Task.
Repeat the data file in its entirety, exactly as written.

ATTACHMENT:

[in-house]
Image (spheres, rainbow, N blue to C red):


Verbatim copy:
[in-house]
Image (spheres, rainbow, N blue to C red):